The name of this book, comes from its central character. Job himself could not have written all of this book, because the record of his death is included in Job 42 v 17.
Every reader will have their own suggestion as to the purpose of this book. However, the main theme is to demonstrate God’s sovereignity and the meaning of true faith. Job demonstrates clearly to mankind the inadequacy of human reason to account for the suffering of the innocent. Ultimately, there is a mystery of divine freedom which does not contradict God’s goodness or sovereignity but remains elusive to man.
Through no fault of his own, Job lost his wealth, children and health. His friends were convinced that Job had brought this suffering upon himself. For Job the greatest trial was not the pain or the loss; it was not being able to understand why God allowed him to suffer.
Suffering can be, but is not always, a penalty for sin. In the same way, prosperity is not always a reward for being good. Those who love God are not exempt from trouble. Although we may not be able to understand fully the pain we experience, it can lead us to rediscover God.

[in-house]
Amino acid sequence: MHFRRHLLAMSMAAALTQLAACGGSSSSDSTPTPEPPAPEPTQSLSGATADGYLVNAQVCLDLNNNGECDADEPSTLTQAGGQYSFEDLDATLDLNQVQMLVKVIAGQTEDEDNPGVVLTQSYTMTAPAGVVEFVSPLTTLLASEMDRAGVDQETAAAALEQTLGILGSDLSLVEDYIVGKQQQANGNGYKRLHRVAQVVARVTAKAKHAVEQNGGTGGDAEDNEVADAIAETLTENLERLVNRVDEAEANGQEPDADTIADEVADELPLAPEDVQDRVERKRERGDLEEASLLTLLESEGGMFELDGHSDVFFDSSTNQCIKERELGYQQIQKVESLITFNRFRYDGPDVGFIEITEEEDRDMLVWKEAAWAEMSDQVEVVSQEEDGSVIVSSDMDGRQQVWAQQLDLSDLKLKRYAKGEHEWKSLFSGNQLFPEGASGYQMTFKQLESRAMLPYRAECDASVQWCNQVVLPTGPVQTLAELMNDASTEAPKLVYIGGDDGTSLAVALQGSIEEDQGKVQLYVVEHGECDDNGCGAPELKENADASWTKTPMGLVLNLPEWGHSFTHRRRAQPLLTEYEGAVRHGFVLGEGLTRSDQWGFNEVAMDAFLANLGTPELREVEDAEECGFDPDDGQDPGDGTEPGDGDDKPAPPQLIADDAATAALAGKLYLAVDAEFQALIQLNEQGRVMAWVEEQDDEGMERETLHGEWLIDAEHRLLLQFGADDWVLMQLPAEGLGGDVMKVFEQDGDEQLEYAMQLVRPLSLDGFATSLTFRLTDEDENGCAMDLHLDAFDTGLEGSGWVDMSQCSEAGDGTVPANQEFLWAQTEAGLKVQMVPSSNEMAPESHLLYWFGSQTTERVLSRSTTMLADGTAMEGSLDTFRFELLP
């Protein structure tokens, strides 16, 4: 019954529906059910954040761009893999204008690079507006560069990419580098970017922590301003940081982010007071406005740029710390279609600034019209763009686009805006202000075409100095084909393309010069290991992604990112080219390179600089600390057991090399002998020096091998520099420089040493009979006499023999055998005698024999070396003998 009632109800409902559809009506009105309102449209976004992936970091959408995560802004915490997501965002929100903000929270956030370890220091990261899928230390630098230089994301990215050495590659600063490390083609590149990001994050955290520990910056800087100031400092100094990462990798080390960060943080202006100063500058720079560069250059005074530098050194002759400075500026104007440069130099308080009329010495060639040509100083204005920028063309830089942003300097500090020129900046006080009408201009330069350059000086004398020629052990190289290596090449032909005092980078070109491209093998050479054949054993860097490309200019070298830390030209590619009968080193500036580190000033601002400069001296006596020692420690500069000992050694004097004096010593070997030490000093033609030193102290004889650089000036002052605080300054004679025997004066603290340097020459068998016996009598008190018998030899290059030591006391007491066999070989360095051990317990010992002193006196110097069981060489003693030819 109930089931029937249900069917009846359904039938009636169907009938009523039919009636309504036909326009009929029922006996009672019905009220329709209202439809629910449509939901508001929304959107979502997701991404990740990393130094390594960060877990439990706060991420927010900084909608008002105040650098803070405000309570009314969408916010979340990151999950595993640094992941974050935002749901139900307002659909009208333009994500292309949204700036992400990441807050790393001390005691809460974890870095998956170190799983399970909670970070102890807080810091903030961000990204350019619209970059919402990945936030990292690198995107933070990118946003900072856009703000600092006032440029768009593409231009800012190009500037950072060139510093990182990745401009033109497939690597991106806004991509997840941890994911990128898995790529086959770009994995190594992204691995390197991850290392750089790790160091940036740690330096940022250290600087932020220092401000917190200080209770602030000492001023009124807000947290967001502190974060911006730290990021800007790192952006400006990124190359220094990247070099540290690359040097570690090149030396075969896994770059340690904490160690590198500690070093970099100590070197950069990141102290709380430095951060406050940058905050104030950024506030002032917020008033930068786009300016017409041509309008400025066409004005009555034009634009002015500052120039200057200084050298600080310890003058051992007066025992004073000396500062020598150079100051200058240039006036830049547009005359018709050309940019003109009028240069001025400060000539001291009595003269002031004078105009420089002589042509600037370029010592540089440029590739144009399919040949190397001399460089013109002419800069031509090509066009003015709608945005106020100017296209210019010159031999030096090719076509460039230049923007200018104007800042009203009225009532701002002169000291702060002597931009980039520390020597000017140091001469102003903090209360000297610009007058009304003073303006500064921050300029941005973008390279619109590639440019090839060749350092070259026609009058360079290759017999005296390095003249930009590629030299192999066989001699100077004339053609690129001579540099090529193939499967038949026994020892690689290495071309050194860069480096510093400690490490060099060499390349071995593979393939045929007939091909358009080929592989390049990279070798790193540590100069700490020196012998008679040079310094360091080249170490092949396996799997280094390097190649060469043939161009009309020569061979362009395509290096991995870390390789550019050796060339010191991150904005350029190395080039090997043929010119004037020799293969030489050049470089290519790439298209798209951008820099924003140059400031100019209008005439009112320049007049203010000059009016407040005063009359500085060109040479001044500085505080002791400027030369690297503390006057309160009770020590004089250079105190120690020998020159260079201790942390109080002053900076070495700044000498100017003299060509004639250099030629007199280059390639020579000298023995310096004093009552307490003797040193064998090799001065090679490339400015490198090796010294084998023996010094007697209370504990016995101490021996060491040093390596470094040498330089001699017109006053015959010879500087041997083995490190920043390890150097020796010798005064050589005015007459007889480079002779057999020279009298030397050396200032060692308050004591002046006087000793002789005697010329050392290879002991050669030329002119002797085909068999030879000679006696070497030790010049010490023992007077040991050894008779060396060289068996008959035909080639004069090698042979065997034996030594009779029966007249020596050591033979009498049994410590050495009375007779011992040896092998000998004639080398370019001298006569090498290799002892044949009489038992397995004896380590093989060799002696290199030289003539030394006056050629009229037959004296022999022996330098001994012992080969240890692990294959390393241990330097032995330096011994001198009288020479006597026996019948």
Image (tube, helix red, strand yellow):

Job teaches believers to recognise and not fear Satan’s attacks, because he cannot exceed the limits that God sets. Do not let your experiences weaken your relationship with God. Although you cannot control how Satan may attack, you can always choose how you will respond when it happens. Job was tested. But his life was built on God, and he endured.
When reading, you will notice that readers have additional informational which the characters of the story do not. It becomes clear, that Job was not meant to know the reason. He will have to face life without the answers and explanations. Only then will his faith fully develop.
Followers of Jesus Christ must experience life similarly as Job did – one day at a time and without complete answers to all of life’s questions. Will we, like Job trust God no matter what? Or will we give in to the temptation, to say that God does not really care and love us?